The upper section has already been described above, whereas the lower section breaks down every single dividend from stocks that I had also owned a year into the three dividend growth components: organic dividend growth, dividend growth related to new purchase and total dividend growth per stock.

Here, we can also easily retrieve the metrics for Cisco I outlined above:

We can also see that, for instance, net dividends from Altria (MO), despite stellar organic dividend growth, came in virtually unchanged as I trimmed my position during the year. And finally, the graphic at the bottom ranks each stock by organic dividend growth, and we can easily see that JPMorgan (JPM), with its monstrous dividend hike, easily tops that list, whereas Pebblebrook Hotel Trust (PEB) has slashed its dividend substantially and ranks lowest.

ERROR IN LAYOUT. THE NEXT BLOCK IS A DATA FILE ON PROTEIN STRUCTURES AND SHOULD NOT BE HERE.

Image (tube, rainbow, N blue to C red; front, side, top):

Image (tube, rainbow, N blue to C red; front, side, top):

What is missing in the table, though, are those dividends from stocks I had not received a dividend from in January 2018, as for those it is mathematically not possible to calculate any growth rates. I am planning to show them in a different way soon.

I am very grateful for the feedback I received, as it really helped me to take these updates to the next level and provide more insight both to my readers and to myself. With this added transparency, I can't wait to see how things will look as the year unfolds.

What do you think about this new model?

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Disclosure: I am/we are long ALL STOCKS MENTIONED. I wrote this article myself, and it expresses my own opinions. I am not receiving compensation for it (other than from Seeking Alpha). I have no business relationship with any company whose stock is mentioned in this article.